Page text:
Barbie is being called out on social media after the Mattel brand repromoted its Tokyo 2020 collection without visible “Asian” representation.
The collection: First unveiled in February 2020, the collection was designed by Mattel as part of a licensing agreement with the International Olympic Committee (IOC). It features five dolls reflecting five sports debuting or returning in the Tokyo Games, namely (1) baseball/softball, (2) sport climbing, (3) karate, (4) skateboarding and (5) surfing.
- Each doll has specific sporting apparel and equipment. They also wear Tokyo 2020 jackets and come with gold plastic medals on a ribbon, allowing children to hold their own “awarding” ceremonies.
- A press release from Mattel states that its Olympic product line — which includes a separate collection of Hot Wheels and a limited-edition UNO deck — highlights “inclusivity and innovation.” Meanwhile, the Barbie brand has a dedicated webpage about its commitment to representation, which states that it is important for children “to see themselves reflected in product and content and to be exposed to different skin tones, hair types, and abilities.”
#Barbie is committed to empowering girls to participate in sports by capturing the fun and friendship of the season, and inspiring kids to find the athlete within.🏅 #YouCanBeAnything #tokyo2020 #Olympics https://t.co/MFjn2ZhfvW pic.twitter.com/XftIDTaZMo
— Barbie (@Barbie) July 28, 2021
What critics are saying: The collection saw a fresh wave of criticism after its repromotion on Twitter on Saturday. Many took offense for its apparent lack of an Asian doll, especially since the Games are taking place in Tokyo and Asians — including Asian Americans — have been winning medals from day one.
- “Mattel renders #AsianAmericans invisible while touting ‘most diverse doll line yet,’ highlighting an Asian country, featuring #Barbie in Japanese karate uniform [and] branding each doll ‘Tokyo official,’” artist, technologist and activist Drue Kataoka, who is Japanese American, wrote. “Even as @sunisalee_, an #AAPI, becomes the breakout star of the @Olympics.”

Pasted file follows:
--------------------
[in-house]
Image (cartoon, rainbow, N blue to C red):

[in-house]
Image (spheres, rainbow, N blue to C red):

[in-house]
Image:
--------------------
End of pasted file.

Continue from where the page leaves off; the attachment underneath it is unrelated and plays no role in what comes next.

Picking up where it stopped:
- ABC7 News anchor Dion Lim also took a jab at Barbie, tweeting “How. Is. This. Even. Possible.” She added, “No worries. @sunisalee_ and other #AAPI girls will have an entire LINE of dolls one day!”
- Some reportedly say that the doll on the upper right corner of the marketing photo — whose sport is skateboarding — looks Asian. However, Taiwanese American entrepreneur Dave Lu referred to Barbie’s own Chloe Kim doll, writing “this is what an Asian Barbie looks like” and “ambiguously Asian isn’t good enough.”
Check out more reactions below:
Where’s the Asian American when we have a gold medal winner in gymnastics?
— Mc Nelly Torres (@WatchdogDiva) August 1, 2021
— United Chinese Americans (UCA) (@ucasocial) August 1, 2021
The absence of an Asian Barbie is notable despite Mattel’s desire to empower and support diversity and inclusion. This while featuring a (Japanese) karate uniform too!
What a missed opportunity to access a large and growing consumer market and to fully reflect Mattel’s values.
— Heidi (@HeidiHugh8) July 29, 2021
Where’s an Asian-American Barbie?
— just_kos99™ aka Helen S #DecriminalizeCannabis (@just_kos99) July 30, 2021
Where is the Asian Barbie? And if the doll in the upper right is supposed to be Asian, it was poorly executed and the company needs to go back to the drawing board. 🤦🏻♀️ https://t.co/zc8mU3rAss
— Erica/TC Underground (@eanderson4791) July 31, 2021
Seriously? APAHM was just in May and #antiAsianHate is still ongoing and with Sunisa Lee winning Gymnastic Gold, there isn’t an obvious Asian American Barbie Olympian? Do Better.
— Vincent Yee (@vincentyee8) July 31, 2021
Why are you commenting? Y’all don’t even make Asian barbies when the Olympics is literally held in Japan…
— flo money (@florenceyyoung) July 29, 2021
How absolutely SHAMEFUL of Barbie for no Asian representation. Just terrible!!
— CD (@CD3524) August 1, 2021
NextShark has reached out to Mattel for comment.
Featured Image Screenshots via MyFroggyStuff